Presentation_1_Variations in Rainfall Affect the Responses of Foliar Chemical Properties of Cunninghamia lanceolata Seedlings to Soil Warming.pdf (2.47 MB)
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Presentation_1_Variations in Rainfall Affect the Responses of Foliar Chemical Properties of Cunninghamia lanceolata Seedlings to Soil Warming.pdf

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posted on 30.07.2021, 04:44 by Qiufang Zhang, Dawei Luo, Liuming Yang, Jinsheng Xie, Zhijie Yang, Jiacong Zhou, Xiaojie Li, Decheng Xiong, Yuehmin Chen, Yusheng Yang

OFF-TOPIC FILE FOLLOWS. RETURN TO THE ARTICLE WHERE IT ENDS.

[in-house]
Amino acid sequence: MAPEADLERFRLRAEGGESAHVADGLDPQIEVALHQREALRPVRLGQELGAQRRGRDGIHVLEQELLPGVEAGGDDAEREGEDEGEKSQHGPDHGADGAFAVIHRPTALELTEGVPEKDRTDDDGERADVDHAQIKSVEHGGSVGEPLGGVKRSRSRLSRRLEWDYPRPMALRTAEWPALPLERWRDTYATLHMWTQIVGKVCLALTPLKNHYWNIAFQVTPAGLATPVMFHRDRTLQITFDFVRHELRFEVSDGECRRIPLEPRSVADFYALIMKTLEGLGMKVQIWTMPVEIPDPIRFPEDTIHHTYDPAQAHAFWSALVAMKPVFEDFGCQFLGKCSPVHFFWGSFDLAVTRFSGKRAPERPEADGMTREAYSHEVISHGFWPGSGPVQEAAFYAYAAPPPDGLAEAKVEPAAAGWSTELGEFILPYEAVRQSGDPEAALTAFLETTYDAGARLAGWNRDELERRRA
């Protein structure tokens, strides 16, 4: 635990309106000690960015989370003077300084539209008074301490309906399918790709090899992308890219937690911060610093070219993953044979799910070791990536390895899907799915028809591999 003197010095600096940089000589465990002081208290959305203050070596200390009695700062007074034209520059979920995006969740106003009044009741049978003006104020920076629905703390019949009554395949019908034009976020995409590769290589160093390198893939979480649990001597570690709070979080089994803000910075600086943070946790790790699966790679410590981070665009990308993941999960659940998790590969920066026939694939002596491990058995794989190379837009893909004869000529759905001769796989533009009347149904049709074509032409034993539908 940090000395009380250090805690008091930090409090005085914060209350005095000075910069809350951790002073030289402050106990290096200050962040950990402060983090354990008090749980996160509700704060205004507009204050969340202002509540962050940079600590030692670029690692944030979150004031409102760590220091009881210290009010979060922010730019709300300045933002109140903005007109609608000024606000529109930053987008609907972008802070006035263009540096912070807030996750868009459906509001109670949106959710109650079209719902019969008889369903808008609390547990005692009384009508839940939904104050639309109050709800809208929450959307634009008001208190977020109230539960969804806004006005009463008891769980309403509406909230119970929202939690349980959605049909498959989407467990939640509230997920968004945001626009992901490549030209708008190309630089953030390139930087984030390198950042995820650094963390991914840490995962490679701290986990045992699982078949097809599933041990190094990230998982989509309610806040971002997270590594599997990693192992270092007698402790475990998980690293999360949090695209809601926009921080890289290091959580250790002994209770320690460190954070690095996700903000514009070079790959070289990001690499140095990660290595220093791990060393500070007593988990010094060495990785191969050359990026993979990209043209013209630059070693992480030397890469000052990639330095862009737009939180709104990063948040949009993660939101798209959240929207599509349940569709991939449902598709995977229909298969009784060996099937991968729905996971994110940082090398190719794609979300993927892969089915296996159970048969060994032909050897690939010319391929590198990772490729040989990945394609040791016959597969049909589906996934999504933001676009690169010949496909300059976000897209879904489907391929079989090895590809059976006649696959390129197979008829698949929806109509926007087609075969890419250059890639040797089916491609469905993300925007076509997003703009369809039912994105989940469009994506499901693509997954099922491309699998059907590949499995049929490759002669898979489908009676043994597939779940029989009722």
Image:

Climate warming is becoming an increasingly serious threat. Understanding plant stoichiometry changes under climate warming is crucial for predicting the effects of future warming on terrestrial ecosystem productivity. Nevertheless, how plant stoichiometry responds to warming when interannual rainfall variation is considered, remains poorly understood. We performed a field soil warming experiment (+5°C) using buried heating cables in subtropical areas of China from 2015 to 2018. Stoichiometric patterns of foliar C:N:P:K:Ca:Mg, non-structural carbohydrate, and stable isotope of Cunninghamia lanceolata seedlings were studied. Our results showed that soil warming decreased foliar P and K concentrations, C:Ca, P:Ca, and P:Mg ratios. However, soil warming increased foliar Ca concentration, δ15N value, C:P and N:P ratios. The response ratios of foliar N, C:N, and δ15N to soil warming were correlated with rainfall. Our findings indicate that there was non-homeostasis of N and C:N under warming conditions. Three possible reasons for this result are considered and include interannual variations in rainfall, increased loss of N, and N limitation in leaves. Piecewise structural equation models showed that stoichiometric non-homeostasis indirectly affected the growth of C. lanceolata seedlings in response to soil warming. Consequently, the growth of C. lanceolata seedlings remained unchanged under the warming treatment. Taken together, our results advance the understanding of how altered foliar stoichiometry relates to changes in plant growth in response to climate warming. Our results emphasize the importance of rainfall variations for modulating the responses of plant chemical properties to warming. This study provides a useful method for predicting the effects of climate warming on economically important timber species.

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